The Lewis & Clark Regional Water System was supposed to supply millions of gallons of badly needed water to southwest Minnesota. Instead, it's Minnesota’s pipeline to nowhere.
More than 100 miles of pipe have been laid in South Dakota and Iowa. But not a drop of water has crossed into Minnesota.
The stalled project is causing problems for communities and rural water supply systems that trusted Lewis & Clark water would be flowing from household faucets by now. More than two years of on-and-off drought have stretched existing water supplies and led to watering bans and other restrictions.
The line "kind of just ends in the middle of nowhere, in the middle of that field," said Red Arndt as he walked farmland recently on the Minnesota-Iowa border. Arndt lives in southwest Minnesota and has been involved with planning and building the project for more than 20 years. He currently chairs the Lewis & Clark board.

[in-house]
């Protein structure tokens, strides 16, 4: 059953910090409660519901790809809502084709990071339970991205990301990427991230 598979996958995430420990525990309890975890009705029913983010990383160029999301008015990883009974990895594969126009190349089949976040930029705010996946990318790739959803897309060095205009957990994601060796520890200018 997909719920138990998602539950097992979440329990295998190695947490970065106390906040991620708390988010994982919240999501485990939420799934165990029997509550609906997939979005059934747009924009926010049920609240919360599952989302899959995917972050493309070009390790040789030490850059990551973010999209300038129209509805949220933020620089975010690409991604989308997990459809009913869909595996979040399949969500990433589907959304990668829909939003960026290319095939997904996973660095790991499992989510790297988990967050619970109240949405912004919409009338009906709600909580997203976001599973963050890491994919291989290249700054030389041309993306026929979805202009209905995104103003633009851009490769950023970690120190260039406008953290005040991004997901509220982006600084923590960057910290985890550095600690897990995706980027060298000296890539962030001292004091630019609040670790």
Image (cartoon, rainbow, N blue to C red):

The pipeline extends a little into Minnesota, but only by about 400 feet, said Arndt, as he stood near steel pipes sticking out of a slab of concrete, the junction where water is supposed to be directed from northwest Iowa into Minnesota.
It ends in this useless location because there's no money to lay more. Construction stopped after Congress failed to deliver promised funding.
Lewis & Clark is supplying water to some South Dakota and Iowa communities. It draws water from the Missouri River in South Dakota, treats it and then pipes the water north and east. It still gets a little federal money, but only enough to maintain what's already operating. Arndt said he's not optimistic Congress will send more funds anytime soon.
Local officials say that's a threat to the region’s economic development.
Luverne has spent about $400,000 developing water supplies to make up for the Lewis & Clark shortfall. If the project lies dormant into next summer, the city will spend another $1 million, mainly to dig new wells and process the water, said city administrator John Call.